Scientists Patrick J. Michaels and Robert C. Balling Jr. deliver what the title implies in their new book "Climate of Extremes: Global Warming Science They Don't Want You to Know." The authors agree the planet is warmer, but provide a concise, fun and effective unmasking of unscientific global-warming doomsday scenarios and a discussion of why prophets of doom trump sober science in public policymaking. If you want to join the battle, here is your armory.
Logical rules run the universe, but they are discovered by scientists with human flaws. An extreme but not isolated example of this is Arthur Eddington and Subrahmanyan Chandrasekhar. In 1935, Chandrasekhar, still a graduate student, discovered what we now call the "Chandrasekhar limit" — proof that either black holes or neutron stars must be created when a star of a certain size dies. The discovery was vigorously rejected by Eddington, a leading astrophysicist and a disbeliever to his dying day that black holes existed. Eddington's hostility was so intense and his reputation so great that few would publicly defy him and support Chandrasekhar's theory. Thinking his career in jeopardy, Chandrasekhar abandoned one of his greatest discoveries and didn't return to it for decades.
Though Chandrasekhar paid an unfair price for his "heretical" thinking, he avoided scientific purgatory. He lived to see his discovery accepted and won a Nobel Prize.
But what if a scientist like him were accused by critics of advancing an idea that threatened the very survival of humanity? And what if this allegation came from powerful members of the media and prominent politicians with influence over science funding?
No matter how correct a scientist believed himself to be, and no matter how defensible his views, he might easily choose to stay quiet to retain his job, reputation, research money and chance to live in peace.
Those causing such a "Climate of Extremes" are the real danger portrayed by this book. "Blacklisted" appears on the dust jacket to define the intimidations directed at scholars — such as Michaels and Balling, both climatologists — who accept the premise of a warming globe but do not believe the evidence supports a "gloom-and-doom vision of climate change." Michaels explains that he will be departing his job as Virginia's official climatologist - which he has held since 1980 - because the governor of that state will no longer abide Michaels' heresies. He introduces two other state climatologists under similar pressure from other politicians. Media accounts comparing climate disaster skeptics to Holocaust deniers are retold.
And Vice President Gore makes an appearance on Page One and checks in regularly thereafter. Despite the attention Gore has drawn to climate issues, his pronouncements have not always comported well with the actual science of climate change.
As the chapters roll by, theories of global warming causing more dangerous hurricanes, floods, tornadoes, droughts, heat waves, rain, snow, cold snaps and other maladies are each disproven by a multitude of credentialed experts in the relevant fields speaking from peer-reviewed science journals. The flawed assumptions behind some iconic symbols of the warming doom cult — such as the famed "hockey stick" graph — also get revealed in a readable and entertaining fashion. And along the way, you'll get a wonderful tutorial on what causes various forms of nasty weather.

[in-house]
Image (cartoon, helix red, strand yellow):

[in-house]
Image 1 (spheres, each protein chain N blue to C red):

Throughout it all, politicians and various media outlets unintentionally provide embarrassing examples of what happens when selling an agenda trumps telling the truth. The New York Times and Washington Post serve up some of the worst errors. One example: A 2001 Post story fingers global warming as the cause of disappearing glaciers in Peru. Unfortunately, going back three decades, no record of net temperature change for that region could be found.
Many of these media mistakes have a basis in research that was mischaracterized or exaggerated, or that was overruled by subsequent research. Other problems are caused by the scientists themselves. A particularly troubling example is the creator of the temperature history used by the United Nations Intergovernmental Panel on Climate Change. Michaels and Balling describe his refusal to provide the supporting data for his work to a skeptical researcher because of his belief that the researcher would "try and find something wrong with it." Such stonewalling throws critical inquiry out the window.
Keeping secrets to avoid criticism is very rare in scientific research, as are public exaggerations and personal vilifications. But all of these are, sadly, common in politics. "Climate of Extremes" is a valuable read because it makes abundantly clear that a powerful scientific culture may be becoming corrupted by politicians' worst behavior.
Unfortunately, the authors' scientific discussion is followed by only a single "modest proposal" — that academic papers be subjected to more transparent peer reviews. This is a solid idea, and they certainly make a strong case for it. But after providing a long list of errors and misunderstandings about global warming in public debate, the authors probably need to help fix more than academic procedure. Hopefully, the authors will write another terrific book giving us some better ideas about how to keep politics from overwhelming science.
Would you like to comment on this book or this article? Write an email to MichiganScience@mackinac.org telling us why, and we may print it in our next issue of MichiganScience.
 See Kip S. Thorne, "Black Holes & Time Warps: Einstein's Outrageous Legacy," Pages 158-163.